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I have a Java program that uses threads. In my run method, I have:

public void run() {
    while(thread != null){
        repaint();
        System.out.println("hi");
        try {  
            Thread.sleep(1000);  
        } catch (InterruptedException e) {  
            break;  
        }  
    }
}

public void paintComponent(Graphics g) {
    // painting stuff
}

The problem is that the run method is executed, but the paintComponent section is not called. If this is not the right way to keep repainting the component, then how should I repaint it?

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1  
Is this block of code inside a class that extends a JComponent? (because paintComponent() is a JComponent method). –  cgull Apr 30 '12 at 1:37
3  
Please show us real code with decent formatting. Your current code suggests that paintComponent is within the run() method and that can't be true. So again, edit your question, clean up your code as much as possible and post code that makes sense, code that you're currently using, and give us more details on your problem. Assume that we don't know anything about code not shown and that we can't read your mind. –  Hovercraft Full Of Eels Apr 30 '12 at 1:53
    
Try your hands on this example, Hopefully this might can help :-) –  nIcE cOw Apr 30 '12 at 6:37

4 Answers 4

Cal repaint from a Swing Timer. That will not block the GUI, and will happen at whatever interval specified in the timer. Of course, by the nature of Swing/AWT painting, if the timer is set to repeat too fast, calls to paint might be coalesced (effectively ignored).

Also, make sure the method is an override using:

@Override
public void paintComponent(Graphics g){
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You should only repaint a component when you need to (ie, when you update it).

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But in a game, I need to constantly update the screen. –  Anonymous181 Apr 30 '12 at 1:29
2  
Either trigger the repaint when you update something or use a clock. There is no such thing as "continuous" repainting. –  Hot Licks Apr 30 '12 at 1:31
    
@Anonymous181 If nothing has changed, there's no need to update the screen. Whenever you update the game state you should tell your component to repaint itself. –  Jeffrey Apr 30 '12 at 1:31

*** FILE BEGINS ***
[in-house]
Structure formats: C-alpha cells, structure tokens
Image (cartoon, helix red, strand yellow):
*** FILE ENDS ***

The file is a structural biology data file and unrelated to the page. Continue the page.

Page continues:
1  
@Anonymous181: all computing is discrete and nothing is truly continuous, and that includes time slices. Your game loop must choose a reasonable time slice and repaint then. The Swing paint manager will coalesce your repaint() requests if they come to fast and close. 1+ to the answer. –  Hovercraft Full Of Eels Apr 30 '12 at 1:31
1  
And keep in mind that if you're sleeping in the UI thread then the system can't update. –  Hot Licks Apr 30 '12 at 1:33

Depending on what you're doing, you might also be interested in this. This is taken from Killer Game Programming in Java by Andrew Davison. He talks about active rendering. Your game loop is effectively:

public void run()
{
  while (running)
  {
    gameUpdate();                             // game state is updated
    gameRender();                             // render to a buffer
    paintScreen();                            // draw buffer to screen

    try
    {
      Thread.sleep(20);
    }
    catch (InterruptedException e) {;}
  }
}

And, the implementation of paint screen is (defined by a subclass of JComponent):

private void paintScreen()
{
  final Graphics2D g2d;

  try
  {
    g2d = (Graphics2D) this.getGraphics();
    if (g2d != null && (backbuffer != null))
    {
      g2d.drawImage(backbuffer, 0, 0, null);
    }

    Toolkit.getDefaultToolkit().sync();       // sync the display on some systems [1]
    g2d.dispose();
  }
  catch (Exception e)
  {
    ;
  }
}

From the book:

[Note 1] The call to Tookkit.sync() ensures that the display is promptly updated. This is required for Linux, which doesn't automatically flush its display buffer. Without the sync() call, the animation may be only partially updated, creating a "tearing" effect.

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up vote 0 down vote accepted

You have to call paint(g) for a heavy-weight container such as a JFrame. You call paintComponent(g) for light-weight containers like a JButton. See if that works.

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